Digital Grainger

An Online Edition of The Sugar-Cane (1764)


At the beginning of Book III, James Grainger turns to the subject of crop time, the period in which sugarcane was harvested and processed. He portrays the enslaved laborers as happy to begin this work. But at line 55, an interesting thing happens: Grainger pivots to the subject of fire and imagines the cane field being set on fire, perhaps accidentally but also perhaps intentionally. Grainger does not specify whether the fire is caused by “the heavenly bolt” or by the “hand of malice;” nor does he specify who the arsonists might be. However, the fire at midnight might be the result of enslaved resistance on Caribbean plantations, since Grainger hints in Book II, line 123, that enslaved individuals would sometimes set fire to cane fields to avoid working in fields that had been infested with cowitch. In the footnote to this line, Grainger explains that cowitch is an “extraordinary vine [that] should not be permitted to grow in a Cane-piece; for Negroes have been known to fire the Canes, to save themselves from the torture which attends working in grounds where it has abounded.”

This excerpt about the fire at midnight not only shows that plantations were often vulnerable to catastrophes of fire and natural disasters but also hints at the tensions that existed between enslaved laborers and their enslavers. Fire was an essential element to the transformation of sugarcane into sugar: after being crushed, sugarcane had to be boiled to create a syrup, which was then crystallized to produce solid sugar. At the same time, fire could cause disasters and threaten to destroy the entire plantation, especially if it was deployed as a tool of rebellion.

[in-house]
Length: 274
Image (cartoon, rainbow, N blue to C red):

As you read the below excerpts, think about how they depict fire. Does Grainger reach any conclusions about how the fire has started? How does he depict the reactions of enslaved laborers to the fire? How realistic is the portrayal of their reactions, given that they were being forced to work for their enslavers? What does this excerpt reveal about the relationship between natural forces and human beings on the plantation?

Note: Kathleen Donegan’s Seasons of Misery: Catastrophe and Colonial Settlement in Early America discusses the link between fire and rebellion in seventeenth-century Barbados. In Igniting the Caribbean’s Past: Fire in British West Indian History, Bonham C. Richardson points out that “All of the slave uprisings in the eastern Caribbean that preceded emancipation in the 1830s involved the use or planned use of fire” (31).

Lina Jiang

Cutting the Sugar-Cane “Cutting the Sugar-Cane,” hand-colored lithograph in untitled folio published by the Ladies’ Society for Promoting the Early Education of Negro Children, London, [ca. 1833-37]. Copied from William Clark, Ten Views of the Island of Antigua, London, 1823, pl. 3.


  • The ripened cane-piece; and, with her, to taste
  • (Delicious draught!) the nectar of the mill! [45]

  • THE planter’s labour in a round revolves;1
  • Ends with the year, and with the year begins.

  • YE swains, to Heaven bend low in grateful prayer,
  • Worship the Almighty; whose kind-fostering hand
  • Hath blest your labour, and hath given the cane [50]
  • To rise superior to each menac’d ill.

  • NOR less, ye planters, in devotion, sue,
  • That nor the heavenly bolt, nor casual spark,